– and both of these moments refer back to the myth of Orpheus and Eurydice, as Bill Krohn has suggested about Hitchcock’s film. From Romeo’s perspective, Juliet may or may not be dead but she very much appears to be, just as, owing to the potion from Friar Laurence, he appeared to be as she gazed in horror. Madeleine very much appears to be dead, too. Appears enough to be convincing, convincing and decisive. Scottie is required by the story to have no doubt; but also, he does not wish for doubt, does not struggle against the narrative. Given the horror that must be confronting him – since he loves her, wants her, is afraid of losing her, and has now apparently lost her – he could in immediate response affirm some denial of the death. The surmounting of his vertigo at any cost of pain, the continuing upward, would represent, would openly signal, a wellspring of denial, a huge “No!” But “No” would be signaled, too, by any expression of yearning to be up there. ‘No!’ would mean permitting himself even to entertain the thought that the vision of that falling body was an illusion, the presentation of a monstrous deceitful force bent on destroying him by falsifying his sensorially derived knowledge. The work of a Cartesian Deceiver. A look of desperate hunger to climb would at least suggest (if not altogether affirm) such a denial, perhaps lead us to understand Scottie as a man who does not forsake his passion in a flash, a man who does not take facts as given by perceptible data to be paramount over his desire. Clearly he does not hope to live in what Michel Mourlet described as “un monde qui s’accorde à nos désirs.”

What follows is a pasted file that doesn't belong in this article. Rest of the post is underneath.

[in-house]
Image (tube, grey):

Yes: in the room at the top, were he to arrive there, he would soon and sadly discover – he is here below now in a position to think – the nothingness of absolute emptiness, the open bell tower, the place where Madeleine stood but is no longer standing, the spot where life and love can no longer be verified to have existed. At that point he could be forced to believe in what he sees, at that point certainly: but not prior to it. And perhaps then he might come fully to embrace or at least kowtow to belief in what is offered to his eyes. He would not only observe the “dead body” from up there, he would know a (for him) hellish truth, that Madeleine is dead. Yet instead, Scottie comes to that belief and conviction speedily and in advance of essaying a height. Yet comes to it in an equivocal away. Equivocal, because he is open to being moved to bring her back.

(I will soon proceed to what is really at the top of that tower.)